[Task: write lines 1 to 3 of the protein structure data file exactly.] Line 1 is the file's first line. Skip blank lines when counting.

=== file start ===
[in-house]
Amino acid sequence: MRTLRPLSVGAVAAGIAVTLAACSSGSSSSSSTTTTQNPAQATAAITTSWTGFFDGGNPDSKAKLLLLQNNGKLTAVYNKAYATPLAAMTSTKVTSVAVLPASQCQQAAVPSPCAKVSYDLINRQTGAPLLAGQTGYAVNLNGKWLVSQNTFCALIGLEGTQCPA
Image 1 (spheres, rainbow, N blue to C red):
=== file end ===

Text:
[in-house]
Amino acid sequence: MRTLRPLSVGAVAAGIAVTLAACSSGSSSSSSTTTTQNPAQATAAITTSWTGFFDGGNPDSKAKLLLLQNNGKLTAVYNKAYATPLAAMTSTKVTSVAVLPASQCQQAAVPSPCAKVSYDLINRQTGAPLLAGQTGYAVNLNGKWLVSQNTFCALIGLEGTQCPA
Image 1 (spheres, rainbow, N blue to C red):